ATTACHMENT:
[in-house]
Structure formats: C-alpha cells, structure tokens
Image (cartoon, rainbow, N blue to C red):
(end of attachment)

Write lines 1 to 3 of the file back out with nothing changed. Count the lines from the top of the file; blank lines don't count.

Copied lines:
[in-house]
Structure formats: C-alpha cells, structure tokens
Image (cartoon, rainbow, N blue to C red):